News Years Resolutions
New Year’s resolutions don’t work.
It’s simple math, really; hurting people plus good intentions makes for a lot of well-intended failure.
You can’t resolve to do better when your deepest intentions are fallen. That’s why people like the Apostle Paul went straight for our wicked hearts by calling out humanity as utterly in need of a divine Savior (Romans 3:10-28).
Yet, I want to grow; it feels a bit nonsensical to sit on my rear and claim “fallen sinner” while the world falls apart with me in it. The beauty of being saved by grace is that we get to walk in the very grace that changes our hard hearts.
“Let go and let God.”
What a silly statement. God grasps us that he may be grasped by us; he saves us that we might experience our salvation; he takes the wheel, then tells us to put the car in gear. We have a Dad who wants to do life with us.
Grace is a game changer for New Year’s resolutions.
There is still value to approaching 2012 with a desire to move forward; to mature in our thinking, ambitions, spirituality, mission. But instead of resolving to be better people, or do better things,
Why don’t we resolve to enjoy Jesus this year?
This was a paradigm shift for me; it’s so simple, as to be nearly laughable. But the powerful truth of the Christian gospel is that we grow by being transformed in Jesus, not by trying to attain him. And oh, how we easily blur those lines! This is akin to me washing the dishes out of love for my wife, and after letting the years of routine sink in, begin to wash the dishes to prove to her that I’m worth loving. How backwards we have seen God’s love!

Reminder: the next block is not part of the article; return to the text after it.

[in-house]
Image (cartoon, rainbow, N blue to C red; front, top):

I even find my backwards love affecting the day-to-day rhythms of my spirituality.
e.g., Bible reading.
Adorn, our college/young adult gathering on Friday nights, just started a through-the-Bible-in-a-year excursion—which can be interacted with by searching the hashtag, #1yearBible, on Twitter—and even in such a rich pool of Word-driven community, lingers the same danger to revert back to trite religiosity.
How fascinating, and utterly disappointing, that the very things I cultivate to be in relationship to Christ can be turned into an idol against him?
Yes, even the Bible.
So, how do we treat idols? We take them captive to the obedience of Christ (2 Cor. 10:5). I often battle the urge to get my Bible reading “out of the way,” by blasting through verses without paying much attention. Taking thoughts captive to the obedience of Christ in this situation would mean choosing to sit on a particular passage, instead of trying to reach my Scriptural “quota.” I may choose to meditate on a particular verse that stands out to me until I fall at the feet of Jesus in reverence and awe.
It’s going to look different for all of us, but for all of us it will come. January marks all that we’ve tossed away the prior year, with its baggage, to set our record straight in the pursuit of significance. But you and I know, significance is hard to come by.
Jesus, who signifies true purpose, unyielding love, and relentless grace, stands at the door and knocks.